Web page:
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Postliberal Theology and the Church Catholic: Conversations with George Lindbeck, David Burrell, and Stanley Hauerwas
Baker Academic / 2012 / Paperback
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George Linbeck's The Nature of Doctrine: Religion and Theology in a Post-Liberal Age touched previously unnoticed raw nerves in the world of theology but in many ways influenced it for the better. Theologians, from all sides, had negative reactions as it seemed Linbeck's work was proposing a theology based on general theories of religion rather than traditional resources. Yet, for whatever its affects, Linbeck's influence, and those who were influenced by him have to be powerful voices in the late modern church.
But where, exactly, does "postliberal theology" sit in relation to the broader universal church? That is precisely the question this book addresses. Seeking to carve out a definitive space for postliberal theology in the church, with its emphases on language, ressourcement, and rearticulating the "Tradition of the Great Church", Postliberal Theology and the Church Catholic explores how postliberal thinkers address the problem of the visible unity of the universal church in all of its manifestations. How does it address the twin problems ecumenicity and ecclesiology in light of events such as Vatican II and the titanic shifts in Western Culture since the 1960s?
This book addresses these issues through three deeply insightful interviews with George Linbeck, David Burrell, and Stanley Hauerwas. Context is provided by John Wright, who also edits the interviews in an introductory chapter covering the significance and development of postliberal theology since 1984 and Linbeck's aforementioned The Nature of Doctrine. A broader ecclesial and theological context is also provided by Wright who traces what he calls "silent shifting tectonic plates" of the church and its relationship to theology since the 1960s. Finally, each interview covers the theological development of Hauerwas, Burrell, and Lindbeck while also drawing the significance of their theology for the church universal.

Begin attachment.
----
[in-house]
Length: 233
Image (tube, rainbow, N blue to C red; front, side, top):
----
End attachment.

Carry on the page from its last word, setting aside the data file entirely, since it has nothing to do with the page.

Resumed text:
Scholars and students who wish to study the changing shape of ecclesial and ecumenical relationships, the nature of the church, or the significance of postliberal theology will find this to be a valuable and insightful volume.
How does postliberalism relate to Roman Catholic theology? More specifically, how reliant is postliberalism on what happened at Vatican II? This volume centers on conversations with three of the most important North American theologians in the last half of the twentieth century--George Lindbeck, David Burrell, and Stanley Hauerwas--to examine the Roman Catholic roots of postliberal theology. After two opening chapters by John Wright, the book includes three chapters based on interviews with each theologian, followed by a dialogue between them and a conclusion by Wright. This work not only offers insight into the contingent histories of three seminal theologians but also places postliberal theology within the broader stream of the great tradition of the church.
A powerful and much-needed defense of Christian 'postliberalism' as central to the unity of the church catholic...Wright shows how the words of Lindbeck, Hauerwas, and Burrell serve as best witness for the defense, and his own words brilliantly join theirs to the ressourcement of Congar and de Lubac...Wright's book marks a new day (and new names) for 'postliberal' theology, now Protestant and Catholic, and more urgent than ever. The book is amazing.
Edgar Bronfman Professor of Modern Judaic Studies, University of Virginia
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